It is the middle of the summer, but there is an unseasonable mist pressing against the window panes. Harry Potter is waiting nervously in his bedroom at the Dursleys’ house in Privet Drive for a visit from Professor Dumbledore himself. One of the last times he saw the Headmaster was in a fierce one-to-one duel with Lord Voldemort, and Harry can’t quite believe that Professor Dumbledore will actually appear at the Dursleys’ of all places. Why is the Professor coming to visit him now? What is it that cannot wait until Harry returns to Hogwarts in a few weeks’ time? Harry’s sixth year at Hogwarts has already got off to an unusual start, as the worlds of Muggle and magic start to intertwine…
The ending to this book made me wince. I have always favored the way J.K. Rowling plotted the stories, but this story gave a churn to my stomach. I have never felt this way after reading a book. Especially a Harry Potter book.
All along I have never written a spoiler, but in this book I could not stop myself.
In the end of this book, Albus Dumbledore, the headmaster of Hogwarts, dies. He drinks poison right in front of Harry Potter. I am astounded how Harry works. Even though it is obvious that Dumbledore will die, Harry tries his hardest to keep him alive. In the end who knew that Draco Malfoy would threaten to kill Albus and Severus Snape kills Albus Dumbledore.
They filed out from behind their benches in near silence. Harry glimpsed Slughorn at the head of the Slytherin column, wearing magnificent, long emerald-green robes embroidered with silver. He had never seen Professor Sprout, Head of the Hufflepuffs, looking so clean; there was not a single patch on her hat, and when they reached the entrance hall, they found Madam Pince standing beside Filch, she in a thick black veil that fell to her knees, he in an ancient black suit and tie reeking of mothballs.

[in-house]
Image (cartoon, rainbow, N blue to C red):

They were heading, as Harry saw when he stepped out onto the stone steps from the front doors, toward the lake. The warmth of the sun caressed his face as they followed Professor McGonagall in silence to the place where hundreds of chairs had been set out in rows. An aisle ran down the center of them: There was a marble table standing at the front, all chairs facing it. It was the most beautiful summer’s day.
An extraordinary assortment of people had already settled into half the chairs; shabby and smart, old and young. Most Harry did not recognize, but a few he did, including members of the Order of the Phoenix: Kingsley Shacklebolt; Mad-Eye Moody; Tonks, her hair miraculously returned to vividest pink; Remus Lupin, with whom she seemed to be holding hands; Mr. and Mrs. Weasley; Bill supported by Fleur and followed by Fred and George, who were wearing jackets of black dragon skin. Then there was Madame Maxime, who took up two and a half chairs on her own; Tom, the landlord of the Leaky Cauldron; Arabella Figg, Harry’s squib neighbor, the hairy bass player from the Wizarding group the Weird Sisters; Ernie Prang, driver of the Knight Bus, Madam Malkin, of the robe shop in Diagon Alley; and some people who Harry merely knew by sight, such as the barman of the Hog’s Head and the witch who pushed the trolley on the Hogwarts Express. The castle ghosts were there too, barely visible in the bright sunlight, discernible only when they moved, shimmering insubstantially on the gleaming air.
Harry, Ron, Hermione, and Ginny filed into seats at the end of a row beside the lake. People were whispering to each other; it sounded like a breeze in the grass, but the birdsong was louder by far. The crowd continued to swell; with a great rush of affection for both of them, Harry saw Neville being helped into a seat by Luna. Neville and Luna alone of the D.A. had responded to Hermione’s summons that night, and Harry knew why: They were the ones who had missed the D.A. the most… probably the ones who had checked their coins regularly in the hope that there would be another meeting.